Mixed signals – clean tankers to come under presssure

Mar 03 2014


Looking back over 2012 and 2013, global tonne/miles demand for CPP & DPP tankers increased by roughly 2%, according to trade data analysed by McQuilling Services in an industry note issued during the middle of February.

This development was primarily supported by clean product trade, which saw overall tonne/mile demand rise by 3%. As for the crude and residual fuel tankers, total tonne/mile demand rose by just over 1% yearon- year.

In addition to global economic concerns, primary pressure on crude and residual tankers throughout 2013 was heavy refinery maintenance, especially at the start of the year, which reduced feedstock demand.

This seasonal market factor was further exacerbated as European refiners continued to struggle from reduced margins while problems with the Motiva refinery in the US put pressure on AG import volumes.

Although the oil production boom in the US oil has all but eroded, its imports of light sweet crude oils, longer sailing distances to markets east of Suez, provided support to tonne/mile demand originating in West Africa.

In terms of the tonne/mile demand, lower freight rates, which were spurred by over tonnage in the sector, supported a 6% rise in Suezmax tonne/mile demand.

As we move into the current forecast period (2014-2018), we expect that tonne/mile demand for crude and residual product tankers will rise by a relatively low 0.75% on an annual average, McQuilling said.

Turning to clean product tankers, trades originating in the US continued to post higher outflows particularly to Europe, the Caribbean, South America and increasingly, Africa. While the MR2 fleet transported the majority of clean trade volumes, we continued to see a migration towards the larger LR fleet. Tonne/mile demand for both LR2s and LR1s increased by 7%, while MR2 demand increased by a lower 3%. At present, we expect tonne/mile demand for clean petroleum tankers to rise by a relatively higher annual average of 1% during the forecast period to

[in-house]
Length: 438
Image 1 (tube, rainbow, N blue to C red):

Newbuildings robust

Contracting activity was robust in 2013, as through the year, orders were placed for 392 tankers above 27,500 dwt. This was the highest level seen since 2007 when 394 were ordered.

About 55% of these orders were for MR2s, bringing orders for this class up to 350 since 2011. Orders for other clean tonnage were also healthy - a testament to where market participants’ optimism lies.

This activity continues to cement our belief that starting in 2015 and 2016, clean tonnage will come under pressure, McQuilling warned.

Analysing dirty tankers, a firm 41 VLCCs were ordered, with about 30% of these contracted in the fourth quarter of last year.

While some of these vessels are unlikely to leave the yards, the ordering activity highlights how sentiment can quickly override history.

In preparing for this year’s tanker market outlook, we continued to increase collaboration with our clients and other market participants. This provided us with greater insight to trade flows, in particular for clean products and further product movements. The information was incorporated into our demand engine, providing broader criteria for analysis, the consultancy explained.

As we began the forecast period we realised that the global fleet was unbalanced, as seen by the recent swings in the market. However, despite strong performances in some sectors, the quick correction (in February) has reminded us of the abundance of tonnage.

Throughout recent years, this excess tonnage capacity has been mitigated by owners opting to slow steam in the face of rising bunker costs, but an improvement in earnings could cause some owners to push the throttle forward and exacerbate the situation.

Until owners opt to dispose of older tonnage, or stricter age limits are imposed through charterers, port restrictions, or vetting procedures, fleet levels will remain a concern and improvements in spot rates are likely to be limited.



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